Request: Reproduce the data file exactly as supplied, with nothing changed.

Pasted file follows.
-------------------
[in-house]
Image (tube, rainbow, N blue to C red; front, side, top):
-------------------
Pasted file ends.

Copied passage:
[in-house]
Image (tube, rainbow, N blue to C red; front, side, top):